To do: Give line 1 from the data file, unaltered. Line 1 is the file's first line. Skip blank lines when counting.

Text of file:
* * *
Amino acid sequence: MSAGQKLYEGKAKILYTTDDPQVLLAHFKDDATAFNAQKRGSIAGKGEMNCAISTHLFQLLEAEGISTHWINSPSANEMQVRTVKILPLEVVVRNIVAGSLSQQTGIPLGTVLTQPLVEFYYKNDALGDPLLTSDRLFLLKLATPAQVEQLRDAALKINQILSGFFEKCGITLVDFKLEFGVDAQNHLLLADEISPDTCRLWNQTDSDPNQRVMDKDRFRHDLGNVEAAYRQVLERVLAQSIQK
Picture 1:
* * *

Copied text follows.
Amino acid sequence: MSAGQKLYEGKAKILYTTDDPQVLLAHFKDDATAFNAQKRGSIAGKGEMNCAISTHLFQLLEAEGISTHWINSPSANEMQVRTVKILPLEVVVRNIVAGSLSQQTGIPLGTVLTQPLVEFYYKNDALGDPLLTSDRLFLLKLATPAQVEQLRDAALKINQILSGFFEKCGITLVDFKLEFGVDAQNHLLLADEISPDTCRLWNQTDSDPNQRVMDKDRFRHDLGNVEAAYRQVLERVLAQSIQK